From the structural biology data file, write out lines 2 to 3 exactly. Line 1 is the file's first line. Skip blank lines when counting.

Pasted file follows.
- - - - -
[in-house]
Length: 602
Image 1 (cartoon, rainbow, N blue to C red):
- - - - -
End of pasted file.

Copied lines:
Length: 602
Image 1 (cartoon, rainbow, N blue to C red):